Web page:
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Orthognathic Surgery

The word orthognathic means "straight jaws." Orthognathic surgery is done to correct misalignments or other abnormalities in the maxilla (the upper jaw) and the mandible (the lower jaw). These abnormalities may be present at birth, or they may develop as the jaws grow. Alternatively, they may be the result of a traumatic injury.

Orthognathic surgery can correct functional problems caused by an imbalance of the jaw bones, such as speech problems, difficulty chewing, swallowing, and even difficulty breathing. It is also a very effective treatment for aesthetic concerns resulting from jaw misalignments. Orthognathic surgery can involve surgical procedures such as osteotomy (bone cut), bone grafts, or distraction osteogenesis ("stretching" the bone). Orthognathic care is generally conducted in stages, and treatment can take from a few months to over a year. Part of the treatment may also involve an orthodontic procedure such as braces, either before or after the surgery, to correctly align the teeth.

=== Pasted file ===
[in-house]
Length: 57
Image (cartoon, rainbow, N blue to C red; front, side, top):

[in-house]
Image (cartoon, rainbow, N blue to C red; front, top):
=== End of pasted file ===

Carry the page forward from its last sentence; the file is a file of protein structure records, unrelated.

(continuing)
The surgery itself is usually done in the hospital, under general anesthesia. A short period of in-hospital recovery may be necessary, followed by at-home recovery time during which patients may have to limit strenuous activities like sports. Recovery from orthognathic surgery is rarely painful, though many patients experience facial swelling that can be severe for the first few days. Patients may need to limit their diet to liquid or soft foods for a short time after the surgery.

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